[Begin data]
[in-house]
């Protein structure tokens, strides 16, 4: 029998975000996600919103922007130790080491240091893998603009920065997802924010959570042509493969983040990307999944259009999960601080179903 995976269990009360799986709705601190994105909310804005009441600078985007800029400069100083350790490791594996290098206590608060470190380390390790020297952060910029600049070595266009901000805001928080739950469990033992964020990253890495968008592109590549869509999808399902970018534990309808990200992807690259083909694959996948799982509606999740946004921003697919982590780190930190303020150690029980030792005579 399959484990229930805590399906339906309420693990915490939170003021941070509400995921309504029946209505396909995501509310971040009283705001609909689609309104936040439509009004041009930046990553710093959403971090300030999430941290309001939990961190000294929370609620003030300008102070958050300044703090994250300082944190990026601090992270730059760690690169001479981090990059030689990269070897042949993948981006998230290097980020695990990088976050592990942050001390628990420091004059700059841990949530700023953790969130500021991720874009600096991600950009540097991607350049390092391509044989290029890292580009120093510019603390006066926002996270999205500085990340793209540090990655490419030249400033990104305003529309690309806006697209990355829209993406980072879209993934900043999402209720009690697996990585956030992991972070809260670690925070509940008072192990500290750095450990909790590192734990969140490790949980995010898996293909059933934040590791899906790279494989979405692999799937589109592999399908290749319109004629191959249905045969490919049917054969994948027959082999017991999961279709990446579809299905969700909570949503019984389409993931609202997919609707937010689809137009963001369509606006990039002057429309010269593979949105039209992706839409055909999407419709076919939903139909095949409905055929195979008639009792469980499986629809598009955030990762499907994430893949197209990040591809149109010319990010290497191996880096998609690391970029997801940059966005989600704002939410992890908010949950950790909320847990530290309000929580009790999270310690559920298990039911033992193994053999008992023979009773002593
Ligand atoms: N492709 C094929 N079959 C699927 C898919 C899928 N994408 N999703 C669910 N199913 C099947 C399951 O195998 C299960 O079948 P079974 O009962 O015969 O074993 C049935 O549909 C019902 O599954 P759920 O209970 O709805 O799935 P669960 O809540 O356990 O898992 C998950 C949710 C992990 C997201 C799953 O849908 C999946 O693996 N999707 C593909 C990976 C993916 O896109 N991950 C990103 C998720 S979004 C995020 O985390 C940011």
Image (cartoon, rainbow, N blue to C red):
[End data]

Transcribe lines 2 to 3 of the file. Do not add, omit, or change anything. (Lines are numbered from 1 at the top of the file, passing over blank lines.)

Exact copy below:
């Protein structure tokens, strides 16, 4: 029998975000996600919103922007130790080491240091893998603009920065997802924010959570042509493969983040990307999944259009999960601080179903 995976269990009360799986709705601190994105909310804005009441600078985007800029400069100083350790490791594996290098206590608060470190380390390790020297952060910029600049070595266009901000805001928080739950469990033992964020990253890495968008592109590549869509999808399902970018534990309808990200992807690259083909694959996948799982509606999740946004921003697919982590780190930190303020150690029980030792005579 399959484990229930805590399906339906309420693990915490939170003021941070509400995921309504029946209505396909995501509310971040009283705001609909689609309104936040439509009004041009930046990553710093959403971090300030999430941290309001939990961190000294929370609620003030300008102070958050300044703090994250300082944190990026601090992270730059760690690169001479981090990059030689990269070897042949993948981006998230290097980020695990990088976050592990942050001390628990420091004059700059841990949530700023953790969130500021991720874009600096991600950009540097991607350049390092391509044989290029890292580009120093510019603390006066926002996270999205500085990340793209540090990655490419030249400033990104305003529309690309806006697209990355829209993406980072879209993934900043999402209720009690697996990585956030992991972070809260670690925070509940008072192990500290750095450990909790590192734990969140490790949980995010898996293909059933934040590791899906790279494989979405692999799937589109592999399908290749319109004629191959249905045969490919049917054969994948027959082999017991999961279709990446579809299905969700909570949503019984389409993931609202997919609707937010689809137009963001369509606006990039002057429309010269593979949105039209992706839409055909999407419709076919939903139909095949409905055929195979008639009792469980499986629809598009955030990762499907994430893949197209990040591809149109010319990010290497191996880096998609690391970029997801940059966005989600704002939410992890908010949950950790909320847990530290309000929580009790999270310690559920298990039911033992193994053999008992023979009773002593
Ligand atoms: N492709 C094929 N079959 C699927 C898919 C899928 N994408 N999703 C669910 N199913 C099947 C399951 O195998 C299960 O079948 P079974 O009962 O015969 O074993 C049935 O549909 C019902 O599954 P759920 O209970 O709805 O799935 P669960 O809540 O356990 O898992 C998950 C949710 C992990 C997201 C799953 O849908 C999946 O693996 N999707 C593909 C990976 C993916 O896109 N991950 C990103 C998720 S979004 C995020 O985390 C940011």